Steamboat Springs Many of you probably noticed the two stories in the Steamboat Pilot & Today last week about the awards the newspaper won for some of its work during the past year. I’m always a bit hesitant to publish those stories, but I think the recognition from our peers is newsworthy, particularly when we’re bestowed with the honor of being named the best newspaper in our circulation class.
I also understand some readers’ natural inclination to use the awards stories as an opportunity to point out the things we haven’t done well, or in some cases simply haven’t done at all. I always welcome such criticism because I think it’s healthy and sometimes deserved.
The annual awards contests sponsored by the Colorado Press Association and Colorado Associated Press Editors and Reporters provide an opportunity for Pilot & Today reporters, photographers, designers and advertising representatives to have their work evaluated and recognized by other professionals in the field. And spending the weekend in Denver mingling with our peers from newspapers big and small across the state provides a great platform for sharing ideas that will improve our publications.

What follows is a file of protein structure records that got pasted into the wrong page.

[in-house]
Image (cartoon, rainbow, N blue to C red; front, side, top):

Awards give kudos for past accomplishments. But as a news organization, it’s important that we look to the future, which can be a challenge when we’re often so consumed by what’s happening in our community today. Nevertheless, some of our best work has been the result of advance planning — our annual, multipart summer series is a prime example.
In past years, we’ve dedicated significant time, energy and resources to examining topics of significant importance to our community. Recent examples include our look at the future of the Yampa River, the West’s role in energy development, the mountain pine beetle epidemic and the rise and fall of the local real estate economy.
The official start to spring is just a couple of weeks away, which means summer also is right around the corner. In the newsroom, brainstorming has begun on what topic we might explore in-depth this summer. I imagine many of you have ideas to share, and I encourage you to e-mail or call me to do just that. If there’s a subject that simply deserves our attention, let me hear about it. After all, today provides a new opportunity for success tomorrow.
To contact Brent Boyer, call 970-871-4221 or e-mail firstname.lastname@example.org